Sunday Salon is a prose reading series and online magazine. Based in New York City and founded by Nita Noveno in the summer of 2002, Sunday Salon swept through the Midwest to Chicago in 2006. In 2007 Sunday Salon launched an online zine to showcase the prose of its alumni and up and coming writers.
Nita Noveno and co-hosts Sara Lippmann and Lynne Bamat Mijangos keep a refreshing blend of new and experienced literary voices on tap at Jimmy’s No. 43 every third Sunday of the month and online in the Sunday Salon zine.
Nita Noveno was born and raised in Southeast Alaska. She is a graduate of the New School MFA Creative Writing Program in Creative Nonfiction, and is the founder and co-host of Sunday Salon in NYC. Her writing has appeared in The MacGuffin and Ducts.org, amongst other places. She lives in Queens.
Sara Lippmann is a freelance writer and editor. Her fiction has appeared in or is forthcoming from JewishFiction.net, PANK, Our Stories, Slice, Potomac Review, Big Muddy and elsewhere. It has been included in Sex Scene: An Anthology, Mamas & Papas (City Works Press) and two other anthologies from Wising Up Press. She lives with her family in Brooklyn.
Wah-Ming Chang has received fiction fellowships from the New York Foundation for the Arts, the Urban Artist Initiative, the Bronx Writers Center, and the Saltonstall Foundation for the Arts. Her fiction has appeared in Mississippi Review and Arts & Letters Journal of Contemporary Culture, and her nonfiction on WordsWithoutBorders.org. She blogs at wmcisnowhere.wordpress.com.
Lynne Bamat Mijangos
Lynne Bamat Mijangos is a mother, grandmother, nurse, social worker and writer. She cares about people, the stories they tell, and those they might never get to tell. She graduated with an MFA in nonfiction from The New School in 2002. A chapbook Baby Girl Mijangos was published in 2003. Currently she is at work on a memoir The Easy Child. She lives in New York with her husband and ballroom dance partner Luis Mijangos. He illustrated her retelling of the Mexican myth La Mujer Dormida, which they hope to publish in English and Spanish.
Natalia Nebel is a writer, translator, former managing editor of the literary journal Chicago Quarterly Review, and a board member of ShawChicago Theater Company. Having read her work at the New York City Sunday Salon several years ago, she’s thrilled to be involved in reintroducing Sunday Salon to Chicago.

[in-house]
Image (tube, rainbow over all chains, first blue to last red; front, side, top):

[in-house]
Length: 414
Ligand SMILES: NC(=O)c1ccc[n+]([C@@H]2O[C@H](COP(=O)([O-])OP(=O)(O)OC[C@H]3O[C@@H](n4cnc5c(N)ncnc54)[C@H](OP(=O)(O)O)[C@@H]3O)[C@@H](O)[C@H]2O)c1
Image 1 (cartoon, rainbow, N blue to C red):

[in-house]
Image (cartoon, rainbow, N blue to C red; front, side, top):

Alexandra Sheckler is an editor of instructional materials at Chicago Public Schools and a freelance writer/editor after hours. A literary enthusiast, Alexandra is delighted to be involved with Sunday Salon Chicago, where she can share her passion for the written word and rub elbows with writers and literati alike. When she isn’t finding grammatical errors in menus and text messages, she enjoys traveling, practicing yoga, and cooking.
Christine Sneed’s story collection, Portraits of a Few of the People I’ve Made Cry, won AWP’s 2009 Grace Paley Prize and was nominated for the Los Angeles Times Book Prize, first-fiction category. It also won the Chicago Writers Association Book of the Year award and Ploughshares’ John C. Zacharis Award. Her second book, the novel Little Known Facts, is just out from Bloomsbury. Her stories have appeared in Best American Short Stories, PEN/O. Henry Prize Stories, Ploughshares, New England Review, Glimmer Train, Southern Review and a number of other journals. She lives in Evanston, IL and teaches for Northwestern University’s and Pacific University’s writing programs.
In the spring 2007, Salon opened in Nairobi via a transatlantic connection established between Salon founder, Nita Noveno, and Kwani? Readings founder, June Wanjiru Wainaina. Since then, Salon Nairobi has grown into a unique, well-rounded gathering that not only engages the audience, but leaves one with a sense of pride at the achievements of Kenyan writers in reflecting the rights, and the wrongs of the Kenya they live in and love.
Past Salon Collaborators
NYC Salon: Caroline Berger, Krista Madsen
Chicago Salon: Melanie Pappadis, Mike Zapata
Nairobi Salon: June Wanjiru Wainaina